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The new Trax compact 4x4 is significantly smaller than Chevrolet's existing large cars - the Orlando MPV and the full-size 4x4, the Captiva - and is designed to muscle in on ground currently occupied by small SUVs such its Vauxhall Mokka sibling and the Renault Captur, and even has the potential to steal a few sales from slightly larger crossovers such as the Kia Sportage.
The Chevy has a decent amount of space for rear passengers. At 356 litres with the rear seats in place and 785 litres when they're folded flat, the boot is okay, but more space can be found in your average lower medium hatchback.
The rest of the Trax's interior lags behind the crowd. There's nothing wrong with it per se, but in an age when budget rivals Kia and Hyundai are producing fine-quality interiors, Chevrolet's cabins appear second-rate with much cheaper materials. The same can be said of the driving experience: there's little in the way of body roll but the payoff is a bumpy ride, while the 130hp 1.7-litre diesel engine has a decent amount of mid-range pull but makes a real racket on the move.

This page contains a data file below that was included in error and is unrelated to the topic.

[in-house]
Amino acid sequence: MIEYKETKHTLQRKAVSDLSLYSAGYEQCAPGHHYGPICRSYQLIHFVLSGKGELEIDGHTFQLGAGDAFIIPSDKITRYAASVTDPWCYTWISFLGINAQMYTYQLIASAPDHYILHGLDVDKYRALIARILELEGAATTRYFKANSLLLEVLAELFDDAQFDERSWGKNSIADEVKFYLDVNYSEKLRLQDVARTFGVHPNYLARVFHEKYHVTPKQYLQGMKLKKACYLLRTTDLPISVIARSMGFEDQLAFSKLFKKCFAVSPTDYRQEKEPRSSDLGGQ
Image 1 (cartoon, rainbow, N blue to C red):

Decent CO2 and economy along with reasonable RVs put the Chevy on a stronger footing than you might expect on the costs front. It isn't the most competitive in its class, though - the cleanest, the Renault Captur, for example, records 95g/km.
The Trax's relatively low P11D value also gives it a financial advantage over larger competitors, resulting in an overall figure of 46.2ppm. The larger Kia Sportage 1.7 CRDi 2 will set you back 47.6ppm and a similar Hyundai ix35 1.7 CRDi 115 SE stands at 47.2ppm. That said, you can have an albeit marginally smaller and less powerful equivalent, mid-spec diesel Renault Captur or Nissan Juke for less - 39.4ppm and 41.6ppm respectively - and the former car also has a much bigger boot.
Chevrolet Trax 1.7 VCDi 130 LT
Model price range
BIK 20/40% per month
3yrs 60,000 mls
Not bad on costs and emissions but less desirable than rivals.